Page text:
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Narco, polygraph or brain mapping tests cannot be conducted on any person, whether an accused or a suspect, without their consent, the Supreme Court said Wednesday.

A bench of Chief Justice K.G. Balakrishnan and Justices R.V. Raveendran and J.M. Panchal said the forcible administration of these tests was an “unwarranted intrusion of the personal liberty” of a person accused of an offence.

Forcible tests, the court said, violated Article 20(3) of the constitution that says no person accused of an offence could be compelled to be a witness against himself.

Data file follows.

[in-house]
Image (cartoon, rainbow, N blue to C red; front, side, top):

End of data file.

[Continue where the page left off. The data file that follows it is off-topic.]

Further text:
It added that even in cases where a person voluntarily submits to undergo these tests to establish his or her innocence, the National Human Rights Commission (NHRC) guidelines had to be observed.

Chief Justice Balakrishnan said any confession of the guilt by the accused during the course of these tests could not be treated as evidence in the trial court.

The Supreme Court had reserved the verdict on a batch of petitions moved by ‘godmother’ Santokben Jadeja, underworld don Arun Gawli and others challenging the validity of these tests.

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